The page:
“Let it hurt some, let it hurt some,” commands Catherine Anne Davies at the start of ‘The Art Of Losing’, her second album as The Anchoress. Better to suffer it than to live under it, the record seems to say – a project of processing rather than trying to fix or bury grief.
‘The Art Of Losing’ has been waiting in the wings for a year thanks to the inevitable, and while the delayed release provided Davies with distance from the specific, significant losses she explores in her songs, collectively we’ve grown much closer to the concept of loss. Grief occurs on a global scale in a pandemic, and burns with fiercer relevance.
The Anchoress persona offers Davies some separation from the personal loss her music confronts: the death of her father, multiple lost pregnancies, a cervical cancer diagnosis. Yet as Catherine Anne Davies she wears many hats too. Producer, multi-instrumentalist, writer, she has a PhD in literature and queer theory, made an album with Bernard Butler (last year’s ‘In Memory Of My Feelings’), and joined Simple Minds for a time – much of ‘The Art Of Losing’ was made during their 2018 European tour.
As tightly themed as The Anchoress’ first album, ‘Confessions Of A Romance Novelist’, on ‘The Art Of Losing’ the music – not a litany of sad ballads, but gothic art-rock and electro pop – provides the real cohesion. Davies wrote and produced the entire album, the kind of artistic control favoured by visionaries like Bowie and Bjork. Sterling Campbell, once drummer for Bowie, supplies drums, while James Dean Bradfield of the Manic Street Preachers – the band who inspired Davies to go to university – guests on two tracks: a satisfying collaboration given Davies considers ‘The Art Of Losing’ her ‘The Holy Bible’.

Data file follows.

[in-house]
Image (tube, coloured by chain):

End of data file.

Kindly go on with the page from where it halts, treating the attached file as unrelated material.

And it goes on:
Opening and closing piano compositions give the album a cinematic sense of place: hotel rooms, night vistas, dawn light, quiet locations of louder heartbreak. But in between, there’s space for every feeling in the book. The record is almost hyper-literate – the title refers to an Elizabeth Bishop poem, and the track ‘The Heart Is A Lonesome Hunter’ riffs on a Carson McCullers novel – but really these are pop lyrics. “It’s never over / I’ll love you ‘til I’m gone,” Davies sings on ‘Unravel’ with a tragic swoon to rival Lana Del Rey. The music contains the deeper emotion, from a euphoric ache last felt on Suzanne Sundfør’s ‘Ten Love Songs’, to the anger pulsing through tracks like ‘The Exchange’, which features Bradfield’s unmistakeable Manics energy.
‘With The Boys’ takes a swipe at the male-dominated music industry, with the spirit of Kate Bush – who also often produced her own albums. Davies is a similar gearhead, well-versed in music tech and a champion of female producers. The analogue techniques and vintage kit she employs on ‘The Art Of Losing’ lends a sonic otherworldliness that fits the subject matter without being a prescriptive, gloomy dirge.
Except, that is, for ‘5AM’. Coloured only by piano, cello, and red, red blood “dropping and I can’t sleep / and I can’t speak”, Davies’ account of miscarriage, sexual assault, and domestic abuse is so frank the performers required a studio breather. Yet her honesty also creates a feeling of relief that offsets some of the song’s weight. For this is a universal as well as a personal album, and somewhere within its mirrored realms, you may encounter yourself.
No one-sided elegy or glorification of suffering, ‘The Art Of Losing’ is a pop record as much as a place of refuge. Davies draws together all kinds of loss, individual and collective, to reach a point of emotional focus and musical thrill: a gathering of griefs, untangled and laid out to dry. She configures a different kind of heaviness – one that finds room for the light.